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Understanding Breathalyzer Tests

Getting pulled over can be a very intimidating situation for anyone. This is especially true if you are stopped on suspicion of DUI, even if you have not consumed any alcohol or drugs at all. In order to be arrested for a DUI, an officer must have probable cause that you are above the legal limit for blood alcohol concentration (BAC) which is .08 percent in all states. Officers conducting roadside stops commonly use breathalyzer devices to determine if alcohol has been consumed by the driver. For this reason, the results of a breathalyzer test are often the primary reason for an arrest on suspicion of DUI.

It  makes sense why police officers enjoy using breathalyzer devices on roadside stops. These machines are small and portable, and someone can learn how to operate them without needing medical training. A breathalyzer test is considered to be minimally invasive, so it is easier for an officer to get consent to use it. It is also highly unlikely for someone to be injured if executed improperly. However, breathalyzer tests are prone to error, and false positives are returned frequently. These botched tests are unfortunately used as the basis for many DUI arrests. For this reason, it is important to seek legal assistance if you have been arrested based in part on the results of a breathalyzer test.

How Breathalyzer Tests Work

When you are being subjected to a breath test, it is very important to blow a large sample of air from deep within your lungs into the device. This allows for an accurate reading. Shallow breaths just measure alcohol present in your mouth and do not reflect accurately the body’s BAC. To achieve this, the officer must make sure that you exhale for a sufficient duration into the device for a sufficient amount of time. If the sample is too small, your test will be tainted by whatever is in your mouth, and therefore will not indicative of what is in your blood.

Breathalyzer devices begin to read your breath after it is injected into the device and makes contact with a reactive substance such as a silicon-oxide material. Any alcohol in your breath sample will create an electric current while reacting with the material in the device, and then the strength of this reaction is measured in order to determine the amount of alcohol present in your system. Unfortunately, substances from alcoholic beverages are not the only particles that create a reaction in a breathalyzer. A false positive can result from some of the following contaminating your test:

  • Microscopic fruit or sugar particles that have fermented in your mouth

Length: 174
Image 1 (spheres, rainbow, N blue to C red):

• Cigarette smoke
  • Chemicals in the air, such as hairspray or perfume
  • Mouthwash or breath mints

Breathalyzer Tests Can Be Improperly Administered

While breathalyzers are considered to be relatively easy to operate, there are still a number of things that a person must do in order to make sure that a breath sample is collected and analyzed properly. All breathalyzers function according to the same principles, and it is important that an officer follows proper procedure whether using a hand-held breathalyzer in the field, or using a larger machine at the police station. Chemical and technology experts have determined certain steps that should be followed in order to increase the likelihood of successful breath tests:

  • The officer should allow for a pre-test observation period of at least 15 minutes. In order to make sure that a person’s breath is untainted so as to allow for a proper BAC determination in a breath test, it is essential that the person does not contaminate their breath by eating, drinking, burping, or vomiting right before a sample is given. In California, the law states that officers must provide for 15 minutes of uninterrupted observation before taking a breath sample.
  • The officer should conduct a “blank” test immediately before the real test in order to make sure that the device is not incorrectly returning a positive when alcohol should not be present.
  • At least two breath tests should be conducted, at intervals of 2 to 10 minutes apart.
  • A proper control test should also be done along with a test of the suspect so as to make sure that the breath test is not being affected by any unforeseen variables.

Breathalyzer Tests Should Not Always Be The Determining Factor In A DUI

Police officers can arrest you for a DUI if they have a reasonable suspicion of your intoxication, and a breathalyzer can quickly and easily give an officer your BAC, which may lead to an arrest. There are many ways in which a breath test result can be called into question. If you were breath tested improperly, the results were likely inaccurate, and they should not be used against you. A good DUI defense lawyer can help protect your rights by challenging inappropriate evidence from your prosecution, and this can result in a favorable plea offer from the prosecutor, or in some cases – your charges being dropped altogether

Author Bio:

McKneely Law Firm is a criminal defense law firm in Fresno, CA.

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